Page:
Guest post: Vroom’s accessible approach to brain-building
The following is part of a series of guest posts by leaders in the field of literacy. This guest post is by Marissa Jade Kaiser, sr. program manager for Vroom.
Research tells us that a child’s brain is wired to grow from birth. It starts off with billions of neurons, and during a child’s earliest years, their brain makes 1 million neural connections every single second. Positive, supportive experiences with adults help a child’s brain grow strong and set the foundation for future learning.
Long before children learn reading, spelling, and writing skills, they are listening, observing, and looking for clues to connect words and symbols to meaning—even before they can talk! Brain science shows us that learning in the earliest years of life happens in everyday moments shared between caring adults and children. In these moments of back-and-forth interaction, children are forming the foundations for literacy, numeracy, and behavior skills such as focus and self-control.
Vroom’s goal is to share the science of brain development in fun, new, and tangible ways, helping parents and caregivers understand that the foundation for lifelong success is created during the first five years of life.
Taking early-brain science out of the lab to empower educators, providers, parents, and caregivers, Vroom offers busy adults over 1,000 fun and easy tips to turn everyday moments into an opportunity to boost a child’s brain development. It is free, strength-based, and multi-lingual.
Available on Apple® or Android® devices and also at Vroom.org, the resource comes packed with tons of free tools and resources. The website includes downloadable tools for you to use and share. Explore Vroom tips by activity, location, or even skill-building category (examples include “Word Play” or the social-emotional skill “Practicing Patience”). Using these tips alongside children (one-on-one or in small groups) can assist them in building code-focused skills like the ability to know and manipulate the sounds within spoken words (phonological awareness), and to know the letters of the alphabet and combine the letters with the sounds they represent (alphabet knowledge).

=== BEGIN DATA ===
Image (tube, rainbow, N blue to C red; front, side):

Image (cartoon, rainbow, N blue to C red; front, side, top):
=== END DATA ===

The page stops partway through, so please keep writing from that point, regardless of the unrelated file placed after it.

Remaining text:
As you explore tips, be sure to pronounce words clearly, without distortion or in “sing-song” fashion. Model the spacing between sounds when doing blending and segmenting activities. Strive to focus on the sound structure of the new words as well as their meanings.
Vroom has the capability to track the brain-building journey with each child in your care by marking favorite tips or including photos of shared moments in a visual scrapbook. After you create an account, your information will appear on whatever device you use, on or offline.
Check out Vroom and tell us what you think in the comments below!
Vroom is a nonprofit initiative of the Bezos Family Foundation, and because it isn’t monetized, you can be assured that all your data stays private and the platform is always ad-free. Kids associate Vroom with quality time with their caregiver, and we want children, parents and you to all enjoy using Vroom together!
Marissa Jade Kaiser is the sr. program manager of Vroom. To learn more about Vroom, visit www.vroom.org.
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